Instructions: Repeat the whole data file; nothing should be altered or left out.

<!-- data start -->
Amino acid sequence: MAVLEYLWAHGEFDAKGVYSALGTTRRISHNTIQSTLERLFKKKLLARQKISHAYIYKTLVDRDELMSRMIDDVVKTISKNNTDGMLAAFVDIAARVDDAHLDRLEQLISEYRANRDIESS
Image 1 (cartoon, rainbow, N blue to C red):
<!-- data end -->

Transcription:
Amino acid sequence: MAVLEYLWAHGEFDAKGVYSALGTTRRISHNTIQSTLERLFKKKLLARQKISHAYIYKTLVDRDELMSRMIDDVVKTISKNNTDGMLAAFVDIAARVDDAHLDRLEQLISEYRANRDIESS
Image 1 (cartoon, rainbow, N blue to C red):